1. Data in LIFEGENMON
In forest genetic monitoring we are dealing with many different data, e.g. genetic, phenological, meteorological and other field data. To ensure the integrity of data from many different sources, the raw data is stored in a relational database before analysis. A database allows us to access, manage, standardise and afterwards analyse data from multiple sources.
In forest genetic monitoring Three indicators, (1) Selection, (2) Genetic variation, and (3) Gene flow/Mating system, are monitored with a series of verifiers. For this purpose, field, laboratory and molecular marker data must be collected/produced and analysed to regularly evaluate the verifiers for the above three indicators.When analysing the data, we look for temporal changes in genetic variation, phenology (bud-break, senescence, flowering and fructification), natural regeneration abundance, etc.
The observed changes can provide us with important information about forest health and help us identify potentially harmful changes in forest adaptive capacity. The information can also be used to take action and implement management actions when changes are severe.
2. Examples of data and what it can be used for
From the raw phenological data, we can calculate and graph the average onset of a particular phenological phase, e.g. the onset of different stages of senescence, and compare between years (Fig. 1). When plotted simultaneously with meteorological data, we can determine whether the course of phenology follows the temperature curve.
Fig. 1: Comparison of senescence events between 2016-2019 in Fagus sylvatica (Slovenia).
Raw phenological data contain information on the presence, frequency, and timing of flowering and fructification. Data on the intensity of flowering tell us how much fructification to expect. For species that do not flower every year, raw phenological data help us predict when to expect the next fructification.
Useful information that can also be obtained from raw phenological data is which trees will sprout and flower later in the spring (Fig. 2). This knowledge benefits us when selecting trees from which to collect seed, when we want to choose genotypes that flower late and are consequently less susceptible to spring frosts.
Fig. 2: Graphical representation of bud-break in 2019 for Fagus sylvatica trees in Slovenia.
2.2 Genetic raw data
The next big data set produced in LIFEGENMON is genetic data. The raw data includes records of 11/11 SSR and 163/212 SNP markers for Fagus sylvatica L. and Abies alba Mill./Abies borisii-regis Mafft. respectively from 3 partner countries: Germany, Greece and Slovenia. The data allow the calculation of many different verifiers from the ‘Genetic variation’ and ‘Gene flow / Mating system’ indicator sets, e.g. allele frequencies, allelic richness, inbreeding coefficient, effective population size, gene flow, actual inbreeding rate and others. The calculated values of these verifiers give us an insight into the genetic characteristics of the selected population (Table 1). By monitoring the genetic indicators and their verifiers on a temporal scale, we can see if the genetic characteristics of a target population are maintained or reduced due to changing environmental conditions. When comparing data at a temporal scale, the statistically significant and/or critical difference from temporal reference points is preferred, but it should be noted that such a critical difference is itself a threshold. This has important implications for actions that can be taken (Table 2).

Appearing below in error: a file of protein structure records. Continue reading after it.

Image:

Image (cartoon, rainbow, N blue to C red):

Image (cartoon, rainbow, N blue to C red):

Table 1: Parameters of genetic variation calculated based on SNP markers for Fagus sylvatica in 3 countries (Germany, Slovenia and Greece).
Table 2: Levels of critical difference among temporal evaluations, levels of response and advised action (ssd: statistically significant differences).
To gain insight into patterns of forest tree recruitment, seedling and seed dispersal kernels can be examined in conjunction with temporal variation in effective reproductive success (Fig. 3 and Fig. 4). Male and female relative reproductive success (the number of offspring produced by one individual compared to another individual or the population average) is widely accepted as a key criterion for describing sex variation within and among populations and its evolutionary consequences. Studies such as this give us insight into evolutionary processes and may be important for drawing conclusions about observed changes in reproductive value, as defined in forest genetic monitoring. In addition, this could also have implications in the context of forest management, as felling trees that have high relative fecundity could have an impact on observed parameter changes (Fig. 4).
Fig. 3: Seed (above) and pollen (below) dispersal distances [m] and PDF – probability density function for beech (left) and silver fir (right). The dispersal distance from the 2016 seedling model is in green, the dispersal distance from the 2019 seedling model is in blue and seed dispersal distance from the seed model is in red.
Fig. 4: Adult trees and regeneration centres sampled for Fagus sylvatica in Slovenia. Each adult tree above 15 cm threshold is denoted by a dot, regeneration centres consisting of 50 seedlings each are denoted with a star (*). Coloured trees have a relative fecundity >1; red represents seed donors, green pollen donors and blue trees which were both seed and pollen donors simultaneously. The size of the circle represents relative fecundity.
3. RAW Data Access
Raw data for the project LIFEGENMON can be accessed online with an opensource tool called Calc (Fig. 5), which is part of OpenForis (http://www.openforis.org/). Data can be filtered, downloaded and then analysed using available R / Python 3 scripts / other software.
Fig. 5: Browsing LIFEGENMON data in Calc – an opensource tool developed in OpenForis.